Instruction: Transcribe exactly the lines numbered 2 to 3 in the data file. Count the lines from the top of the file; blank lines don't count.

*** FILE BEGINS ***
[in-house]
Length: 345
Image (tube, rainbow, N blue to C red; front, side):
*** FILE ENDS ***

Length: 345
Image (tube, rainbow, N blue to C red; front, side):